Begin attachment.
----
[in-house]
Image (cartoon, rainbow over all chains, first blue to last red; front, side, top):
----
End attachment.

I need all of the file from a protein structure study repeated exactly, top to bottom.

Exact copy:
[in-house]
Image (cartoon, rainbow over all chains, first blue to last red; front, side, top):